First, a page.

Anyway

Anyway, you are not here.

You are –

It doesn’t matter –

Elsewhere.

I could have told you, for the umpteenth time,

About my thoughts (such as they are)

And how they centre on you.

Or us. As we were.

There was a time, before our eyes dimmed

When we thought each other handsome.

I know it is true of you.

I pray you do not look at me.

Pictures even.

Because I am not that person.

I am adrift, now.

And that makes a difference.

Had you been here, you would know

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inferno

We descend, then, to a place of greater pain.

Here darkness reigns, lit by the long hum

of afternoon; fluorescent tubes, monologues

at the dinner table; a bedside lamp,

in daylight a spent moon. Men hate their jobs,

wives, their bastard children; and women,

themselves, spouses, long impotent

with rage.

 

For a time we stared, said nothing; then at last

I said: “Master, who are these people?

Why are they here, and what have they done

to merit such suffering?” And the Master:

“They squandered their prime; fell in love, suffered,

married young; had children, mortgages:

securities, shelter. Men receded, turned in –

became reticent; abstract, lost

in the mirror; trod the carpet of the living room,

paced the hall in the muffled hours

of midnight, week-day afternoons; and women,

not loved, bitter; silent, blowing bubbles

beneath the surface, eye-deep in dishwater.

 

No sin has condemned them,

but their circumstances; and now they wander,

dead Shades across the endless

quarter acre, Sunday mowers; sprinklers,

blooming flowers, the rustling song

of cicada.

 

Each soul is cloistered, censured; beaten down.

And no-one hears the howls but their own, far away

like a shell to the ear”.

 

And I thundered: “Where is God’s love!” “Son”,

replied the Master, calm yourself. This is but

the second Round! There are hells

much worse, speaking of which…

Take my hand: for further down the road

I will show you the misery of those that hunger.”

 

And we went on down the road.

 

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Chieko

  *Chieko’s sky

i saw a film about her once, Chieko,
married to the famous japanese sculptor
a poet too who could write strong things
in the worst of times, i don’t know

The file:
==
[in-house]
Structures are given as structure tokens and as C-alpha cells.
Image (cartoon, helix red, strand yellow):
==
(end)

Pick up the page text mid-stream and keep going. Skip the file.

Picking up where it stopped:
if Chieko could.
she was mad     mad the way the mad are
who have to do too much living in
one head one heart     her name alone was
enough for me to love.
she had a line, someone read the poem
on the sound track and there was sky
in that shot a scratchy blue
and Chieko laughing on a hill
with her husband.
she wrote ‘the sky over Tokyo
is not the real sky.’
it took me nineteen years to understand
that less than simple fact,
i lived in that city for two years
that would have froze her blood today
if she saw how empty those faces were
in trains dead drunk lost under the moon
that goes on and off.
i knew of course her real sky
was the one over her home
a village i can’t imagine, let me,
thatched rooves you couldn’t even make out
the houses from the hill at first but
then you heard the water in a
stream all stones
and that sky was a place
she always wanted to play in
but never could.
i began to think of my own sky,
that sky where everything was
the sun shining the garden back
at you in a wind blowing colours
off the flowers, the moon that
slipped down drops of rain,
the edge of stars breaking like frost,
the high clouds long as your dreams
over a depth of blue.
i knew her sky was my own sky
no matter how far apart we were
in fact, in sense, in sex
that sky over Tokyo wasn’t real
her song of the sky was real,
Chieko, let me sing you
a memory of my sky:

i felt the stars touch me
i was not in exile
i felt the stars draw me up
over the falling away
of dream.

sometimes
a star would reach down
deep into my hope
i’d stand in its lightness
nothing of this earth
could fill.

the stars would give
full measure to time
i could find the darkness
on which they turned
old merry-go-round

of horse-head
silver
nebulae.

Chieko,
like an earthquake that sky
taps       inside the head
can fall       i’m afraid
can fall a sunspot blown up
on a paper screen
a leaf rent with autumn.

harris park, sydney
september 1998.

*’Chikeo’ refers to Chieko Naganuma, a Japanese poetess and painter. Wikipedia notes: ‘.. she married Kōtarō Takamura in February 1914, a sculptor and poet, whom she met soon after he had returned (to Japan) from France.
Following the breakup of her family home in 1929, she was diagnosed in 1931 with symptoms of schizophrenia – she was hospitalized for that disease in 1935, and remained there until her death from tuberculosis in 1938.
Kōtarō’s book of poems about her, “Chieko’s Sky” (智恵子抄 ‘Chiekosho’), is still widely admired and read today.’  The specific poem, which, I understood from the film, Chieko wrote, was in fact written by her husband based on her remark on the Tokyo sky. In order to close the circle here, so to speak, I append a translation of it by a Mr. Paul Archer, a fine poet and translator. In searching for the poem online I found Paul’s website, and he graciously allowed me to include it in its entirety here below:

            Talking Like A Child
Chieko says there’s no sky in Tokyo,
I want to see the real sky, she says.
Surprised, I look up at the sky.
Among the cherry tree leaves
Is the kind of clear sky